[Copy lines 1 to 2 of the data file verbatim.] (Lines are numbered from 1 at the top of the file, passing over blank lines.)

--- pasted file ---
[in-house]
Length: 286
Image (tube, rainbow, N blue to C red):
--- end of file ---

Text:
[in-house]
Length: 286